Conference Report

The eighth International Conference of the Forum was held in Mangalore, India, from 14 to 17 December, 2005 in association with the Department of English, Mangalore University. The theme of the conference, “The Art and Politics of Subversion: Theory in a Counter Mode,” was as interesting as it was intriguing, and attracted participants from all over India and beyond, with plenary sessions and papers being presented on a wide variety of subjects, within the parameters of the topic.

Kishori Nayak, Head, Department of English, Mangalore University, in her welcome address, briefly outlined the establishment and growth of the English Department of the Mangalore University, and highlighted the many charms of the host city, and extended a warm welcome to the participants. P.C. Kar, Convener of the Forum, speaking of the joy that intellectual serendipity provides during such gatherings, said that one of the great sources of happiness on such occasions is to hear each other speak. V.V. Modi, Trustee of the Forum, drew attention to the inter-disciplinary scope of the Conference.

Girish Karnad inaugurated the event and gave an illuminating talk on trends and landmarks in Indian theatre. This year’s special session was centered on his play Talé Danda, about the revolutionary poet-saint of Karnataka. It added a touch of local flavor, as Karnad, the well-known playwright and theatre personality, hails from Karnataka, and writes in Kannada as well as in English. The plenary session on Talé Danda, which followed, saw C.N. Ramachandran, Nagesh Rao and TRS Sharma analyzing the play from three different perspectives. Catherine Gallagher, the well-known new historicist critic from the University of California at Berkeley, while releasing the Seventh Conference Volume, Dialogics of Cultural Encounters: Nations and Nationalities in Periods of Conflict, remarked about the amazing theoretical variety offered by the volume. This fact was borne out by the volume editor, Sura P. Rath’s elucidation that the volume was the result of a conscious attempt to create a truly global perspective. B. Thimme Gowda, Acting Vice Chancellor, Mangalore University, presided over the function. Martin Jay, the distinguished cultural historian from the University of California at Berkeley, in his keynote address, “Taking on the Stigma of Inauthenticity: Adorno’s Critique of Genuineness,” explored the search for authenticity in a society bereft of divine sanction. This was followed by a lively discussion. The question, what, indeed, constitutes authenticity, especially, in the light of the predominantly Christian, Western view of authenticity as opposed to the tenets of Oriental philosophy, vis-à-vis the concept of Maya, was addressed. The high point of the day was the performance of Talé Danda by the inmates of the Mysore Jail. The play, directed by Guligappa Kattimani, and presented under the auspices of ‘Sankalpa’, held the audience spellbound. The following two days of the conference witnessed eight plenary sessions and 51 papers being presented. Catherine Gallagher, in her paper: “World War II as Seen from Other Worlds,” gave an insight into the tradition of writing ‘What if....?’ histories. The plenary session on “The State of the Disciplines in the Humanities and Social Sciences,” with presentations by Jasbir Jain, Parul Dave Mukherji, Prakash C. Sarangi and B. Surendra Rao, gave valuable insights into developments in other disciplines. R. Radhakrishnan, in his paper, “History, the Human Subject and the World Between,” analyzed the conflict between eurocentric historicity and the national perspective, informed by Tagore, and looked at the issue of conceptualizing historicality differently.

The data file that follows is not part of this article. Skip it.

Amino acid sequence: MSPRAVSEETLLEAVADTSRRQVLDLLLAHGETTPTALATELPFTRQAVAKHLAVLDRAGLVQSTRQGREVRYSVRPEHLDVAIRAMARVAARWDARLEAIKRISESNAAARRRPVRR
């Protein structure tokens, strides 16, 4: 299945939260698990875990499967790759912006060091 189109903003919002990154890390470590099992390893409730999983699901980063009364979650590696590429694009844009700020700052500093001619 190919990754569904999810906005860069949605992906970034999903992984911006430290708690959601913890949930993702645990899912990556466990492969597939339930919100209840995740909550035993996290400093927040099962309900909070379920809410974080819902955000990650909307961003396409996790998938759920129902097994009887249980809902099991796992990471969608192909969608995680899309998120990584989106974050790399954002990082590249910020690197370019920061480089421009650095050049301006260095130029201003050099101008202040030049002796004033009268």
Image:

The papers in the general sessions were divided under the following heads: “Carnival and Play,” “Narrative Subversion,” “Counter Theory and Women,” “Postcolonial Counter Discourse,” “Popular Culture as Subversion,” “Philosophical Subversions,” “Politics of  Identity,” “Reflections on Counter Theory,” “Theory of Culture and Ethics,” “Dialogics of Encounters,” “Subversions in Talé Danda”  and “Assorted Subversions.” The papers were wide-ranging in variety and scope, and raised many questions and elicited stimulating responses.

During the open session and valedictory function on the final day, everyone agreed that the conference had succeeded in providing intellectual stimulus and sustenance, though the plenary sessions could be reduced so that we could hear less and listen and absorb more.

The poser, “why do we turn westwards for theoretical models and critical thought?” resulted in some serious soul-searching, and the answer was a counter-question “is it because Indian critical and literary theory has become stagnant, and has lost its relevance today? It was decided that the best way to seek answers to this would be to have an India-centric conference; hence the focus of the next conference will be on India.

 Pratibha Umashankar                                               Khaleej Times, Dubai

 

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